Cash management is at the core of financial and treasury management. In fact, no other finance function is more crucial, nor has the potential to have such immediate effects on a corporation. The repercussions of the Global Financial Crisis of 2008 demonstrated the strategic importance of liquidity and the corporate treasury function, in particular cash management, to the smooth operation of business.
The general view is that the treasury function should be centralised – and it is understood among practitioners that a highly centralised treasury function for the majority of treasury tasks is most efficient and favourable. What’s more, various studies on the subject clearly demonstrate a trend towards centralisation. However, in reality, the degree of centralisation is often very different from that suggested by theoretical research.
Indeed, in a landscape of constant change and development, a multitude of challenges lie ahead for cash management practices. Centralising treasury functions, especially across countries and continents, can be hindered by many things. The key to success, therefore, is the ability to identify hindrances and remove them on a company-by-company basis.
This article provides insights and recommendations on what and whether to centralise and what factors to consider in order to achieve the desired outcomes.
Current and ideal set-up influences
Very little academic analysis of the current and ideal set up of cash management has been carried out, which makes it difficult to analyse the current ‘centralisation status’ of cash management.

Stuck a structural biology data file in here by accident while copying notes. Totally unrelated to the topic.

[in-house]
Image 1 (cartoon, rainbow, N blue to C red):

What can be observed is that few corporate treasuries already operate with a fully centralised cash management set-up. However, many and most corporate treasury departments operate with some degree of centralised organisational set-up. One would expect that the drivers and factors for centralising need to be understood in order to support centralisation efforts in cash management.
To centralise, or not?
The need for effective financial management has never been greater, according to Heiden (2007): “Today, perhaps more than ever, organizations of all sizes and across all industries face significant pressures as they grow their businesses in a competitive and increasingly global economy. These organisations are constantly reorganizing and restructuring in response to economic conditions, global expansion, an onslaught of new technologies and other factors beyond their control.”
Yet, given the enormous diversity of business operations for many larger companies, the decision on whether to centralise or decentralise is complicated by the advantages and disadvantages of these actions.
Centralisation can lead to benefits from the effective management of cash flows and liquidity in an organisation and thereby enable firms to maximise returns on invested capital. In addition, risks that could affect the firm are well managed. Given the benefits, while centralisation of treasury management has particularly occurred in the cash management function, the practice is spreading. Not only have organisations centralised cash management as a function of treasury management, other functions of treasury management such as risk management and assets and liabilities management have also been centralised.